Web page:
Vagrant

text and photos by Brian Willson


Last month I reported here about the black vulture I saw soaring in the blue above Beech Hill in Rockport, a species that’s still rare in Maine but becoming less so. It’s just the latest in a long line of birds whose breeding territories are creeping northward into our state—a trend that began at least a few decades ago with such now-common species as northern cardinal and tufted titmouse and has continue more recently with red-bellied woodpecker and black vulture.

I also mentioned the curiously far-wandering birds we sometimes get, either individually or in small clusters. The pink-footed geese that showed up in North Yarmouth last winter (they usually winter in Europe), or a couple California birds I’ve seen out at Monhegan.

“Vagrants,” we birders call these wanderers that, for some reason, end up where they’re not supposed to be.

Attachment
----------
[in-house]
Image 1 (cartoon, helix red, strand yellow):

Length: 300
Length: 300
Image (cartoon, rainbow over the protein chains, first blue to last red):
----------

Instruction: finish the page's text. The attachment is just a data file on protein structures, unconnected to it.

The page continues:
Earlier this week, I got to add another crazy Maine first to my list: a male rufous hummingbird that showed up on a backyard feeder just a couple miles from me. The rufous hummer belongs way out west of the Rockies.

How it ended up on the coast of Maine is anyone’s guess. But it was a feisty fellow—it fixated on this one particular window feeder and wouldn’t let any of the native ruby-throats near it. It kept watch all day from the branches of a nearby tree. Hummingbirds are known as hugely belligerent for their wee size anyway, but this guy was especially ill-tempered.

But beautiful. And I was fortunate to get a couple photos, because I’ll probably never see this bird again—certainly not in Maine.